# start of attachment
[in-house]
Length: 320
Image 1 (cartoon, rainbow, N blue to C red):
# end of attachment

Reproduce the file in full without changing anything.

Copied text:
[in-house]
Length: 320
Image 1 (cartoon, rainbow, N blue to C red):